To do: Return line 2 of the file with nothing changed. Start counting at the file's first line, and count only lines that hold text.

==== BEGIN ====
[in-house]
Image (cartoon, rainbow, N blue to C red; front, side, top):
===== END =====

Image (cartoon, rainbow, N blue to C red; front, side, top):